Craig and Marc Kielburger, Co-Founders of WE, commented, "We are so grateful to our friends and champions who have supported the development of programming and resources for communities and educators that tell the stories of First Nations, Métis and Inuit. We would like to highlight the longstanding commitment of the Terence and Svea McKillen Foundation. Their guidance and mentorship has been unwavering and we are grateful for their support in developing this resource as a component of WE's programming."


October 2, 2016 – Canadian Safe School Network Founder, Stu Auty has advised us that the BullyStop Challenge introduced earlier in the year with support from the McKillen Foundation, has been a great success.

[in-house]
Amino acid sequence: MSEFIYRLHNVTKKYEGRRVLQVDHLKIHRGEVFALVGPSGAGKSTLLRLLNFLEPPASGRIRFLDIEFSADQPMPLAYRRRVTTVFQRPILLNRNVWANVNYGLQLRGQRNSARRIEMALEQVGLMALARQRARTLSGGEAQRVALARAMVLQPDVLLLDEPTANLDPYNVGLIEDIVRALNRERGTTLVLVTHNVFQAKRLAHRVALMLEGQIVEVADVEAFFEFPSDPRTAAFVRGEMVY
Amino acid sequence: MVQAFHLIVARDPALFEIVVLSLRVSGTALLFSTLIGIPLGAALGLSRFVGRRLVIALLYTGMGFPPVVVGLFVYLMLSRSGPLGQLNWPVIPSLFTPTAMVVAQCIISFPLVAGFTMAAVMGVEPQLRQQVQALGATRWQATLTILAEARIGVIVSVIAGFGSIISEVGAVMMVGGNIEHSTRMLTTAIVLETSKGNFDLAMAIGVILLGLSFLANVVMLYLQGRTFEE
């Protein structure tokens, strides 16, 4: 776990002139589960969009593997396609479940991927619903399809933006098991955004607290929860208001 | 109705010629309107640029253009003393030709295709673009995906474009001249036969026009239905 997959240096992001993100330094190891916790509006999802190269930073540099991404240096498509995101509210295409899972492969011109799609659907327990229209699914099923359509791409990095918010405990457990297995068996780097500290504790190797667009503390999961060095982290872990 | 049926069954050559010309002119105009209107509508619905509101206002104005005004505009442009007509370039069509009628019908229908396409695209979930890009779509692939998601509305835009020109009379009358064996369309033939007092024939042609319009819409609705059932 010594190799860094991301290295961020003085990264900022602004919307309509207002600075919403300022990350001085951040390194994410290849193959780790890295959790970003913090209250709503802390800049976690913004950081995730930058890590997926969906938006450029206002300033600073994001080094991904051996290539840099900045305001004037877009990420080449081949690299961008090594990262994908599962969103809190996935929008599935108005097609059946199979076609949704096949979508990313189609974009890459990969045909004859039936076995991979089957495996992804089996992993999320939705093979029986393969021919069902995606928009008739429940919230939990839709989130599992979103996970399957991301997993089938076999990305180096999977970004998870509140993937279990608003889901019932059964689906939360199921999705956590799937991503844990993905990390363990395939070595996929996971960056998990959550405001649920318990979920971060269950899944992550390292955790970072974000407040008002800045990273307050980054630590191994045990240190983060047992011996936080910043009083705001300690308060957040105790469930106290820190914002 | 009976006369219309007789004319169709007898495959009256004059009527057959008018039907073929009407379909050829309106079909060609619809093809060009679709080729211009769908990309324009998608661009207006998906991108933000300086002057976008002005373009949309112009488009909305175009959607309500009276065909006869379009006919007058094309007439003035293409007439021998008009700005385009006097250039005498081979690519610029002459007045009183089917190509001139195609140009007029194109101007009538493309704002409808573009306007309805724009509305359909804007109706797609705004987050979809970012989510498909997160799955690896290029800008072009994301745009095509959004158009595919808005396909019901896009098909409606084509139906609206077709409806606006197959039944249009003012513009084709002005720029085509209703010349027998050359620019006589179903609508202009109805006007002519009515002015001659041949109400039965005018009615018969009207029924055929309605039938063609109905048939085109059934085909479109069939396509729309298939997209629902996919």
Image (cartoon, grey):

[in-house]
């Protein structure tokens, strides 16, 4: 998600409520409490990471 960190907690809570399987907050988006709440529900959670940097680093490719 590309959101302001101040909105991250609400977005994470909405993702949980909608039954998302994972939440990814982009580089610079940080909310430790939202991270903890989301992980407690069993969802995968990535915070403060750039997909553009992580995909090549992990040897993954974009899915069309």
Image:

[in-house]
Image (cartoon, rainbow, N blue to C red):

The BullyStop programme is a full-day interactive and creative event that involves high school and university students discussing social media and help put an end to cyberbullying by designing iOS apps. Groups of high school youth will work with post-secondary student mentors and alongside experts in tech, education, and law enforcement to brainstorm, sketch, and design solutions, that can help eliminate cyberbullying. No coding experience is necessary. Teams work to come up with a great idea, then find an exciting way to pitch it to the rest of the room. Drawings, skits, ads are all encouraged. One winning team is selected and receives an award. All ideas are eligible to be developed into real apps by CSSN. For further information, please click here.